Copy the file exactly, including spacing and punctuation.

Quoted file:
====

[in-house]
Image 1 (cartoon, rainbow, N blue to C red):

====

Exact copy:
[in-house]
Image 1 (cartoon, rainbow, N blue to C red):